British sociologist Brown documents the sex-trade in Lahore. Meet Maha, a middle-aged mother who lives and works in the walled city at the heart of Lahore. Her trade? She's a dancing girl-that is, prostitute. But having hit her 30s and put on a few pounds, she can no longer command the prices she needs to keep her children fed. Three of her daughters are teenagers, though, the perfect age to begin servicing their own clients. Indeed, a future of prostitution is all these girls have ever expected, and they're not well enough educated to do much else. Brown spent four years with Maha and her family, trying to understand the lives of women in Lahore's red-light district. The result is a harrowing and heartbreaking story. Brown manages both to expose the horrors of the women's circumscribed lives and to show that Maha and her daughters are complicated, smart, tough-victims of a horrible system, yes, but also, simply, people, no less multidimensional than anyone else. While the result is more ethnographic reportage than memoir, one of the most fascinating threads is Brown's own changing relationship with her ostensible subjects. Over the four years, Maha becomes Brown's friend, and Brown finds herself, occasionally, in a moral quandary. For example, one of Maha's daughters, Nena, is being sent to Dubai, where she is to have sex with a high-paying virgin-fiend. Selling one's virginity to a high-bidder in the Gulf is nothing uncommon, and Nena claims she's happy about the transaction: she's relieved that her family will finally have a little money. But Brown is beside herself: "Nothing has prepared me for the reality of this event," and she doesn't know where her role as sociologist stops andthat as a friend who might intervene starts. Riveting and important. Even readers who don't think they're interested in Pakistani prostitution will find themselves engrossed.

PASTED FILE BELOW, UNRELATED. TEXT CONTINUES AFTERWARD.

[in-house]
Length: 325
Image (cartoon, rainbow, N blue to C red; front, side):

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Product Details

ISBN-13:
9780061870712
Publisher:
HarperCollins Publishers
Publication date:
10/13/2009
Sold by:
HARPERCOLLINS
Format:
NOOK Book
Pages:
336
Sales rank:
715,377
File size:
1 MB

Meet the Author

Louise Brown is an academic at Birmingham University, England, and the author of several books on Asia. She frequently returns to Lahore, Pakistan.

Brief Biography

Hometown:
Birmingham, England
Date of Birth:
June 1, 1963
Place of Birth:
Stone, Staffordshire, England
Education:
B.A. Honors in Medieval and Modern History

Read an Excerpt

"We Were Artists . . . Not Gandi Kanjri"